Limit on Bond Amount
The bond amount should be at most four weeks' rent. Landlords are prohibited from demanding an excessively high bond from the tenant.
Lodging the Bond
The landlord is responsible for lodging the bond with Fair Trading NSW. This government body oversees the management and protection of rental bonds in New South Wales. By lodging the bond, the landlord ensures it is held securely and impartially, safeguarding the tenant's interests.
Claiming from the Bond
If the tenant damages the property or leaves it excessively dirty, the landlord can use the bond to cover the costs. Here's how the process typically works:
Inspection and Documentation
Before the tenant moves out, the landlord should thoroughly review the property. Any damages or cleanliness issues should be documented and recorded in an exit report.
If the landlord finds legitimate reasons to claim the bond, they can submit the claim to Fair Trading NSW. This claim should include relevant evidence and the estimated cost of repairs or cleaning.
Fair Trading NSW will notify the tenant about the bond claim. The tenant can respond to the claim and may agree or dispute it.
Fair Trading NSW's Decision
If the tenant agrees to the claim or Fair Trading NSW finds the claim valid, the bond money will be disbursed accordingly. However, if the tenant disputes the claim, Fair Trading NSW may mediate to resolve it. They might have to go to the NSW Civil and Administrative Tribunal (NCAT) to sort it out if they can't agree.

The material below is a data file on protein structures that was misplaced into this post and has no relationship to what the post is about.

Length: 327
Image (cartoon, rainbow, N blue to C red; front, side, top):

Landlord Rights and Responsibilities Regarding Premises Entry in NSW
The landlord has certain landlord rights NSW to access the property for different reasons. These reasons primarily encompass property inspection, undertaking necessary repairs, and conducting showings if the property is up for sale. Landlords must balance their rights with the responsibility to respect tenants' privacy and guarantee uninterrupted enjoyment of the property.
Late Payment of Rent in NSW
Late payment of rent is subject to certain guidelines. If the rent is just a few days overdue, the landlord can notify the tenant. The landlord can issue a termination notice if the rent remains unpaid for 14 days. If the tenant pays the overdue rent within 14 days, they can continue residing in the property without vacating.
The landlord can take legal action if the tenant doesn't pay rent or leaves the property after getting a notice to end the lease. They may apply to the NSW Civil and Administrative Tribunal to obtain an order terminating the tenancy agreement and forcibly removing the tenant from the property.